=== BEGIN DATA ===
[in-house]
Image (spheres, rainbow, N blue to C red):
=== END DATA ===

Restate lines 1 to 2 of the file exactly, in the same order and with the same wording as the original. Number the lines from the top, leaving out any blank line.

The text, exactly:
[in-house]
Image (spheres, rainbow, N blue to C red):